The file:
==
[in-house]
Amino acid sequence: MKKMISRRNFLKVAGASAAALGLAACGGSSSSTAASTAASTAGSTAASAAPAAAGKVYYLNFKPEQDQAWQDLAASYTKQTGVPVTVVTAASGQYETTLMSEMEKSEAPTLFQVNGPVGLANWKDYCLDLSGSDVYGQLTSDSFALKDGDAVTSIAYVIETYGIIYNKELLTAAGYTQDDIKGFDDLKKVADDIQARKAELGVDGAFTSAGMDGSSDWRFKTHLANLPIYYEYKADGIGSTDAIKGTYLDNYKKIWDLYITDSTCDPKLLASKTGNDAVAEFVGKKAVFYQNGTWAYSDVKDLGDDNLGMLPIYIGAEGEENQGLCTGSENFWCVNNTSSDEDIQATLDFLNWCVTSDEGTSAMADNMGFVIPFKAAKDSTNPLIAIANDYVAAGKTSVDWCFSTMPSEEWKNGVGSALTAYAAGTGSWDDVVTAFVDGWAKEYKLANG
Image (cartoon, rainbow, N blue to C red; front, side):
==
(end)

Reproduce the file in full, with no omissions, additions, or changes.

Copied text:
[in-house]
Amino acid sequence: MKKMISRRNFLKVAGASAAALGLAACGGSSSSTAASTAASTAGSTAASAAPAAAGKVYYLNFKPEQDQAWQDLAASYTKQTGVPVTVVTAASGQYETTLMSEMEKSEAPTLFQVNGPVGLANWKDYCLDLSGSDVYGQLTSDSFALKDGDAVTSIAYVIETYGIIYNKELLTAAGYTQDDIKGFDDLKKVADDIQARKAELGVDGAFTSAGMDGSSDWRFKTHLANLPIYYEYKADGIGSTDAIKGTYLDNYKKIWDLYITDSTCDPKLLASKTGNDAVAEFVGKKAVFYQNGTWAYSDVKDLGDDNLGMLPIYIGAEGEENQGLCTGSENFWCVNNTSSDEDIQATLDFLNWCVTSDEGTSAMADNMGFVIPFKAAKDSTNPLIAIANDYVAAGKTSVDWCFSTMPSEEWKNGVGSALTAYAAGTGSWDDVVTAFVDGWAKEYKLANG
Image (cartoon, rainbow, N blue to C red; front, side):